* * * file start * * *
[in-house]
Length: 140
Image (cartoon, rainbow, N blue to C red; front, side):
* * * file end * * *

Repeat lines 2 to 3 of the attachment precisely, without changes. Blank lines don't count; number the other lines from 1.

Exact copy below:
Length: 140
Image (cartoon, rainbow, N blue to C red; front, side):